In the summer of 1916, four people were killed by sharks in two weeks off the coast of New Jersey, sparking a national hysteria that changed Americans’ attitudes toward predators.

More than a century later, Americans remain fascinated and often afraid of fish. That’s a big reason why the Discovery Channel Shark weekwhich started on Sunday, that is longest lasting cable television’s all-time annual event.

Before The attacks of 1916Most people saw sharks as just another fish, if they even believed they existed. But the attacks moved public opinion to the other extreme.

The move was so culturally transformative that it was revisited by multiple media outlets, including PhillyVoice, on the 100th anniversary of the attacks. Many people now overestimate the danger of animals.

There are more than 300 species of sharks, but only about 12 have been known to attack humans. National Ocean Service says. Sharks only attack humans when they become confused or curious. They feed mainly on small fish and invertebrates, although some larger sharks eat seals and sea lions.

There were 73 unprovoked shark bites worldwide last year, up from an average of 72 between 2016 and 2020, according to the data. Florida Museum of Natural History, which follows shark attacks. 11 deaths were recorded, 9 of which were without cause.

The 1916 attacks made sharks a symbol of danger in American popular culture.

The first person to be killed was Charles Vansant, a 28-year-old Philadelphia resident who was vacationing with his family in Beach Haven, Oahu County.

On July 1, he was swimming with his dog before dinner when a shark broke his legs. Vansant was rescued by lifeguards and taken to an Engleside hotel, where he bled to death.

Officials and fish experts downplayed this first attack. In the Philadelphia Public Book article:James Meehan, Pennsylvania’s state fish commissioner and former director of the Philadelphia Aquarium, downplayed the sharks’ threat to humans and encouraged swimmers to return to the water.

“The information about sharks is vague,” he said.

“Vansant was in the surf playing with the dog and it’s possible that the small shark jumped in at high water and was swept away by the tide,” Meehan said. “Unable to move quickly and without food, he went in to bite the dog and pounced on a passing man.”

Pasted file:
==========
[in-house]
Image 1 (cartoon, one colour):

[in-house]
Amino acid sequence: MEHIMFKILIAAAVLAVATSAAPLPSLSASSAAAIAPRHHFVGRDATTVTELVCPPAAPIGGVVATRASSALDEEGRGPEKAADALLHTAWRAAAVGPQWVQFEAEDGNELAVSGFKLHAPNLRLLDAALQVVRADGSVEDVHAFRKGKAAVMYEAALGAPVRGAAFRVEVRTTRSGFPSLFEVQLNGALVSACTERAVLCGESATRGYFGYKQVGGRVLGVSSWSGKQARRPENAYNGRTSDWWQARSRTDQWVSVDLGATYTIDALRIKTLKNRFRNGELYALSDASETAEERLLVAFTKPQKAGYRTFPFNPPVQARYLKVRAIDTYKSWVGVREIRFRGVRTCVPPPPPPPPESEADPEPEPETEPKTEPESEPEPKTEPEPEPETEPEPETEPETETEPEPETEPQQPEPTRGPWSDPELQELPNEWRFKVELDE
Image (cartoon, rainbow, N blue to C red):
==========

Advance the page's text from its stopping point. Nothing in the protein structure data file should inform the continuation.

But on July 6, a Swiss hotel employee named Charles Bruder was killed while swimming in Spring Lake, Monmouth County.

This second attack sent the sharks circling the Jersey Shore across the front page of news across the country. The bloodshed was shocking both to those who witnessed it and those who read about it in newspapers like the New York Times.

“As rescuers approached (Bruder), the water around the man suddenly turned red and he let out a loud scream,” the newspaper reported. “A woman on the shore cried that the man in the red boat was upset, but the others realized that blood had stained the water and the women fainted at the sight. When lifeguards reached the swimmer, he screamed that a shark had bitten him. and then fainted.”

On July 8, armed patrols in motorboats patrolled much of the Jersey Shore. Many beaches have been closed. Some cities have built wire mesh to keep people out of the open ocean.

New Jersey’s government and some municipalities have pulled out rewards on the animals, leading to shark hunting along the Jersey Shore. Hundreds of people were killed.

On July 12, a shark attacked three more people in Matawan Creek near Keyport, Monmouth County. The incident took place more than a mile from the open ocean. It’s rare for sharks to swim this far inland.

11-year-old Lester Stilwell was killed while swimming in the river with his friends. Watson Stanley Fisher, 24, was then fatally wounded as more than 100 people watched as he tried to recover Stilwell’s body.

Less than an hour later, 12-year-old Joseph Dunn of New York was attacked by a shark while swimming in another section of the river. He survived the attack because his brother and friend saved him from the shark.

Two days later, two men fishing in the river killed the shark. Scientists have found 15 pounds human flesh in his bowels.

Attacks in the short term reduced the number of visitors down the coast. In some cities, the number of sunbathers dropped by as much as 75%, and resort owners suffered losses that would amount to more than $5 million today.

After the attacks, scientists re-evaluated their assumptions about the danger of sharks. And animals have become symbols of danger in American cartoons.

In the second half of the 20th century, sharks became the focus of many horror films, especially in 1975.JawsThe film mentions the attacks of 1916.

While there is still a lot of fear surrounding sharks, the dynamic has changed somewhat in recent decades as scientists and conservationists have worked to re-educate the public about the fish.

This was it Shark week‘s main mission when the annual televised event debuted in 1988.

By philcp

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